Trust us, we know what we’re doing
ICAN reassure Mary Lloyd that we have certainly not decided ‘to abandon the saving of country houses’ (‘Our countryside is not in Trust-worthy hands’, Letters, August 10). The Trust was founded to look after places of historic interest and natural beauty and has always stepped forward to serve the nation in its greatest hour of conservation need. In the 1940s and 1950s, it was great houses; in the 1960s, it was our coastline; today, it’s our land and Nature, but it has never been one choice over another.
We now have more than 200 historic houses and their contents in our care, along with many other heritage buildings and monuments. We will be spending £1 billion on the conservation of our historic buildings, gardens and countryside over the next 10 years. Multi-millionpound projects such as those at Knole (above), The Vyne and Castle Drogo are just three examples of where we are investing in conservation of our historic houses.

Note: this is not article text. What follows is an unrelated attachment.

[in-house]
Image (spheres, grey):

If a historic house—or, indeed, any other historic building —were at risk, with a tangible threat to its future, and we were the right organisation to take it on with the resources to do so in perpetuity, we would always consider it. Helen Ghosh, Director-general, National Trust